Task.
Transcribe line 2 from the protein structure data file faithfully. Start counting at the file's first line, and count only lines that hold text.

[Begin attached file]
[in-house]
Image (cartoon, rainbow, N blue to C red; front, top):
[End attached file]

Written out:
Image (cartoon, rainbow, N blue to C red; front, top):